Features and Columns · Movies

Four Different Approaches to Translating a Movie Title

Sometimes getting lost in translation is a good thing.
Inglourious Basterds Hong Kong Movie Title Translations
By  · Published on April 16th, 2021

on movie Welcome to The Queue — your daily distraction of curated video content sourced from across the web. Today, we’re watching a video essay breaking down four different approaches to translations of movie titles.

If you’ve ever had the pleasure of learning another language, you’ll know that translation is an art, not a science. Sometimes the phraseology of one culture has no equivalent in another’s. And sometimes capturing the spirit of an evocative turn of phrase involves transforming things entirely.

The same, of course, holds true for movie title translations. In addition to properly describing a film and managing the expectations of a foreign audience, translated titles must also navigate a minefield that runs the gambit from cultural sensitivities to market preferences.

The results, at times, are hilarious. In Danish, Die Hard with a Vengeance (1995) becomes the equally bombastic Die Hard: Mega Hard. In Italian, Eternal Sunshine of the Spotless Mind (2004) becomes the rather literal If You Leave Me, I Delete You. And in Mandarin, the Arnold Schwarzenegger male pregnancy comedy Junior (1994) becomes the arguably not that far off Son of Devil.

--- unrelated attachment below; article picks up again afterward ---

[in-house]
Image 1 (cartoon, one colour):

Speaking of China, let’s pop over to the video essay below, which unpacks four different approaches to movie title translations, as seen in Chinese cinema. The methods are, briefly: (1) to translate literally; (2) to reinterpret; (3) to be poetic, and (4) to fudge the title to make it sell better.

Armed with plentiful examples ranging from the hilarious to the insightful, the essay boasts explanations galore to underline the strategy and thought process behind seemingly random movie title translations.

Watch “Trope Talk: Movie Title Translations | April Fool’s Essay“:

Who made this?

This video on movie title translations was created by Accented Cinema, a Canadian-based YouTube video essay series with a focus on foreign cinema. You can subscribe to Accented Cinema for bi-weekly uploads here. You can follow them on Twitter here. This video is narrated by Naomi SV, whose own account you can check out here.

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Based in the Pacific North West, Meg enjoys long scrambles on cliff faces and cozying up with a good piece of 1960s eurotrash. As a senior contributor at FSR, Meg's objective is to spread the good word about the best of sleaze, genre, and practical effects.